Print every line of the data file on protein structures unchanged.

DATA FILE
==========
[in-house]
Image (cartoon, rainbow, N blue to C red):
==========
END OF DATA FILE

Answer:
[in-house]
Image (cartoon, rainbow, N blue to C red):